It’s ninety years since Hollywood first started awarding itself for the greatness of its movies and it’s now at a point where attaining that Best Picture golden statuette is everything, writes Tom McParland.

To most of us the only time Hollywood stars are on view is during the annual Oscar presentation ceremonies. Of recent times it has become a flesh show where, female legs (like real stars) come out at night displaying hammy protuberances through designer dresses with only one purpose: the displaying of hammy protuberances. Maybe because – as Pete said to Dud – “It’s a nice leg for the role.”

Today the award ceremony is held at the Dolby Theatre, bang in the middle of Hollywood Boulevard. If this all sounds like an in-house job it is. And always was.

A few steps from the Dolby is Grauman’s Chinese Theatre where since 1927 stars have immortalised – if not their names – their signatures, hand and footprints in its cement-tiled entrance. Just across the street is the cream-white Roosevelt Hotel where the first ever awards were privately presented by Louis B. Mayer at a relatively humble 15-minute ceremony in May of 1929. Halle Berry’s 2002 Oscar acceptance speech took five minutes.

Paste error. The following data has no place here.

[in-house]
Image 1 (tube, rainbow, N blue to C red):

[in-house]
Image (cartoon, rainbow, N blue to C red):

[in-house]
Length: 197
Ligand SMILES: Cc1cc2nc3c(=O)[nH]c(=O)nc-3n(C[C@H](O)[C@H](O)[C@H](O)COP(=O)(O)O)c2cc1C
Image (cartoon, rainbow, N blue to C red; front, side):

They weren’t called Oscars in those days and there was no fist biting, the results having been published months before. Although the Academy has used Outstanding Picture, Outstanding Production, Outstanding Motion Picture and Best Motion Picture till 1961 until settling for Best Picture since 1962, for brevity I use B.P.

The 1930 broadcasting of the second Oscars was the year in which the present hullabaloo is rooted. It was held in the Ambassador Hotel in nearby Wilshire Boulevard, the scene of a later tragic hullabaloo when Senator Robert Kennedy was assassinated there in June 1968. Between 1930 and 1943 the ceremony alternated between the Ambassador and the Biltmore, another local hotel where in 1927 Academy Motion Picture Arts & Sciences (AMPAS) was formed.

Between those years a notable event occurred. In 1934 (B.P. Cavalcade) the statuette was first referred to as Oscar and the name eventually adopted by the Academy five years later. 1936 (B.P: Mutiny On The Bounty) became the last year the public could influence results by postal vote – afterwards only Academy members could.

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